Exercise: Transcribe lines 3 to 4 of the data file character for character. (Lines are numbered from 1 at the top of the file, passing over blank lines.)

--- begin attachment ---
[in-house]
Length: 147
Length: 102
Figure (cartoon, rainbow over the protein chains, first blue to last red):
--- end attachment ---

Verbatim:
Length: 102
Figure (cartoon, rainbow over the protein chains, first blue to last red):